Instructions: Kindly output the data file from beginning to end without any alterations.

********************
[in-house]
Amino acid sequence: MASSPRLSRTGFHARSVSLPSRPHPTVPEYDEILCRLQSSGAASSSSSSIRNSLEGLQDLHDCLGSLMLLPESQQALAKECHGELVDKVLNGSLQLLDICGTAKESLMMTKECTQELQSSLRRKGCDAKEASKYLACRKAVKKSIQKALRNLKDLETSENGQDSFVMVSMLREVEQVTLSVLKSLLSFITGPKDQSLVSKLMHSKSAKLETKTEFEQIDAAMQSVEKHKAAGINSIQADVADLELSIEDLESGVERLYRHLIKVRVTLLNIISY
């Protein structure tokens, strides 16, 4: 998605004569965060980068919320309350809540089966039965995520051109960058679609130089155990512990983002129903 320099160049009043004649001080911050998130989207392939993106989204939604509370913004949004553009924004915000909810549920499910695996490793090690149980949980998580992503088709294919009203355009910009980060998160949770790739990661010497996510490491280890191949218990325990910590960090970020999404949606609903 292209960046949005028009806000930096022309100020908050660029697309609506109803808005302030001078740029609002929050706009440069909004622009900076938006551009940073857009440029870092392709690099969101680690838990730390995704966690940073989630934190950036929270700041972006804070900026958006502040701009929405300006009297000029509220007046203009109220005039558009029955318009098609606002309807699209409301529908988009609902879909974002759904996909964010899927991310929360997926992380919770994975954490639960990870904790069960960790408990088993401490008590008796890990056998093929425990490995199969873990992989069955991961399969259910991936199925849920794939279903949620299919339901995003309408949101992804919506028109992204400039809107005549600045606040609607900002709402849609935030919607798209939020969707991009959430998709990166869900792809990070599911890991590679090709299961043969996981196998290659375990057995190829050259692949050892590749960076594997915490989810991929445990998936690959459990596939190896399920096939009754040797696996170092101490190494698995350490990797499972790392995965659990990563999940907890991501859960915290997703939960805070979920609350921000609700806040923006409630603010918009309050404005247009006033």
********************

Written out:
[in-house]
Amino acid sequence: MASSPRLSRTGFHARSVSLPSRPHPTVPEYDEILCRLQSSGAASSSSSSIRNSLEGLQDLHDCLGSLMLLPESQQALAKECHGELVDKVLNGSLQLLDICGTAKESLMMTKECTQELQSSLRRKGCDAKEASKYLACRKAVKKSIQKALRNLKDLETSENGQDSFVMVSMLREVEQVTLSVLKSLLSFITGPKDQSLVSKLMHSKSAKLETKTEFEQIDAAMQSVEKHKAAGINSIQADVADLELSIEDLESGVERLYRHLIKVRVTLLNIISY
């Protein structure tokens, strides 16, 4: 998605004569965060980068919320309350809540089966039965995520051109960058679609130089155990512990983002129903 320099160049009043004649001080911050998130989207392939993106989204939604509370913004949004553009924004915000909810549920499910695996490793090690149980949980998580992503088709294919009203355009910009980060998160949770790739990661010497996510490491280890191949218990325990910590960090970020999404949606609903 292209960046949005028009806000930096022309100020908050660029697309609506109803808005302030001078740029609002929050706009440069909004622009900076938006551009940073857009440029870092392709690099969101680690838990730390995704966690940073989630934190950036929270700041972006804070900026958006502040701009929405300006009297000029509220007046203009109220005039558009029955318009098609606002309807699209409301529908988009609902879909974002759904996909964010899927991310929360997926992380919770994975954490639960990870904790069960960790408990088993401490008590008796890990056998093929425990490995199969873990992989069955991961399969259910991936199925849920794939279903949620299919339901995003309408949101992804919506028109992204400039809107005549600045606040609607900002709402849609935030919607798209939020969707991009959430998709990166869900792809990070599911890991590679090709299961043969996981196998290659375990057995190829050259692949050892590749960076594997915490989810991929445990998936690959459990596939190896399920096939009754040797696996170092101490190494698995350490990797499972790392995965659990990563999940907890991501859960915290997703939960805070979920609350921000609700806040923006409630603010918009309050404005247009006033």